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Caring for 4-legged family members

SHERIDAN — When it comes to working the week of Christmas, there are the usual suspects: medical professionals, emergency responders and a skeleton crew of some essential retailers. One unsung industry that booms during a holiday week is that of animal caretakers.

While pets are often unquestionably members of Sheridan families, the realities of the world often don’t accommodate that fact. Many holiday travelers must face the uncomfortable truth that their pets don’t take to the open road — or the skies — well, and they’re better off waiting at home. That’s when Sheridan’s pet boarding facilities and caretakers kick into overdrive.

“I’m completely full, and I have a waiting list of about a dozen customers,” said Todd Sarantopulos, owner of the Country Pet Inn, a dog boarding facility in Sheridan that boasts premium doggie suites with the option to tack on extra love and affection for pets whose owners have skipped town.

Sarantopulos added that while the months of November and December are generally slow for him, the weeks of Thanksgiving and Christmas were booked solid months in advance.

“Everyone saves vacation time for the holidays,” he explained.

In order to accommodate the influx of business, Sarantopulos said his Christmas will consist of splitting time between his business and his family.

“I spend Christmas Day kind of broken up,” he said. “First thing in the morning, I go let the dogs outside.”

After his charges have stretched and had breakfast, Sarantopulos heads back into his house to spend a few hours with his family before returning to the kennels. The back-and-forth routine continues through the week.

He said that while his kennels average between six and 10 dogs per day during a normal week, this week he’s handling approximately 20.

Julie Kennedy, proprietor of Caring Hands Pet Service, is another veteran of holiday work. Instead of keeping a facility for pets, she conducts home visits while pet owners are away.

“With our type of work, you don’t get much family time at Christmas,” she said. “There are times when we can be working from six in the morning until 10 at night with very little break in between.”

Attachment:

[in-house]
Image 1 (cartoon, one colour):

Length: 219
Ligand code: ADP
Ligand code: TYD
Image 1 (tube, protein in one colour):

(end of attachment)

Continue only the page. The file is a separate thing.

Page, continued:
Kennedy said she strives to enable pets to maintain their regular routine as much as possible while their families are away, so sticking to meal times and exercise schedules means she often has to make multiple visits over the course of a day.

“Pet care anymore is a multi-billion dollar industry and they treat them more as children and part of the family instead of just a pet,” she said, indicating she has first-hand knowledge that stress-prone pets do much better at home than in a boarding facility.

Kennedy said this year, she’s been proactive about managing her schedule to achieve more work/life balance. This year, she said her caretaker schedule includes a lot of cats, which require less maintenance. From there, it’s simply a structural equation.

“I have to stagger everything,” Kennedy said, describing how she divides her schedule between work and holiday festivities.

The demand for pet care in Sheridan during the holidays keeps every business booked to capacity.

Office Manager at Country Hospital for Animals Jennifer Albrecht said the facility has been booked months in advance.

The overflow of pet boarding has even trickled down into Johnson County. Carol Cole, operator at Wag’in Tail Kennel on French Creek Road near Buffalo said she has clients from Sheridan making the drive to drop off their pets for the holiday.

“Some people said they couldn’t find any other place,” Cole said, adding she’s also booked solid and expecting 18 canine guests. “I can’t tell you how many I’ve turned away.”

While many people begrudgingly look forward to the end of the holiday week, they can at least look forward to an enthusiastic reunion with their four-legged friends.

About

Tracee Davis

Tracee Davis joined the staff at The Sheridan Press in July of 2013. She covers business, energy and public safety. Tracee grew up in Kemmerer and has lived in several locations both in the U.S. and overseas. Her journalism training stems from her military service.

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